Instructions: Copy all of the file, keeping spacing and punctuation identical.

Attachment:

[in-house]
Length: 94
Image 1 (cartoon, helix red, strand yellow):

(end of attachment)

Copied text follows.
[in-house]
Length: 94
Image 1 (cartoon, helix red, strand yellow):